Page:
Friday, 20 May 2016

Tulip Snail (Fasciolaria tulipa)

Tulip Snail
Fasciolaria tulipa

Photos by Corey Corrick

The articles presented by each student from the UNF cohort this week are about some of the different organisms that we have seen this week, with each student writing an article for one species.
The tulip snail, Fasciolaria tulipa, is a marine snail. For phylogenetic classification, it is a member of the phylum Mollusca and class Gastropoda. The tulip snail could be found in the Atlantic Ocean, from North Carolina to as far south as Brazil, and in the Gulf of Mexico. Fasciolaria tulipa is carnivorous, eating various species of bivalves and other species of gastropods. By association, the tulip snail controls the population of grazers and filter feeders. In general, a tulip snail is smaller than a queen conch and slightly smaller than a horse conch, but larger than other gastropods found at the snorkeling site, with lengths between 2.5 inches and 9.5 inches.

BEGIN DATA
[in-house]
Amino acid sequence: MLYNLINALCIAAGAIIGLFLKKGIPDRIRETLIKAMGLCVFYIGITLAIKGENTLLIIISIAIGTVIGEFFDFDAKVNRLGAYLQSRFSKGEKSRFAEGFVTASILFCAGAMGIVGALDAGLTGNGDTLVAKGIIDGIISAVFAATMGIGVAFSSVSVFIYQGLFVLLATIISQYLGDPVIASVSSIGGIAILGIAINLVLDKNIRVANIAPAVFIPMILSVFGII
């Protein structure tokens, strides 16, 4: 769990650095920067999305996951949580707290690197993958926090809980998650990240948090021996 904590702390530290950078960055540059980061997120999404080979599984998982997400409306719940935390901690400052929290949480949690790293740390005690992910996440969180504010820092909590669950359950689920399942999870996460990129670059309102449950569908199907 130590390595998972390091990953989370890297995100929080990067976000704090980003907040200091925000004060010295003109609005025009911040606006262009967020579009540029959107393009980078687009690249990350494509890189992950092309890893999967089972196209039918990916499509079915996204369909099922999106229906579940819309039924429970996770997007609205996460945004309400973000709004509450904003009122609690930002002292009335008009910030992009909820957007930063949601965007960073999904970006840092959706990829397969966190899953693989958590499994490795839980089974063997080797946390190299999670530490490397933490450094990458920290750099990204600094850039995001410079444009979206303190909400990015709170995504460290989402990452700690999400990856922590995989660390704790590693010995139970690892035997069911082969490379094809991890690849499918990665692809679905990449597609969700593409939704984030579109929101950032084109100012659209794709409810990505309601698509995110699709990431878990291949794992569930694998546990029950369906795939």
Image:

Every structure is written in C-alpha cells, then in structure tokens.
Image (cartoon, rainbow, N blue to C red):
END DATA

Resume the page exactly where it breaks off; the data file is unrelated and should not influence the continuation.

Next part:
Our group found these snails in the seagrass beds of Old Dan Bank and Old Sweat Bank in Florida Bay, one of the gulf-side bays of the Florida Keys. The similarities that these two locations have are that the sediment is calcareous with barely any amount of silt, and the composition of primary producers mainly consists of seagrasses with sponges and algae mixed in. The tulip snails I observed were crawling along the floor of the sea bed, crawling over the seagrass and sponges if they are in the way.

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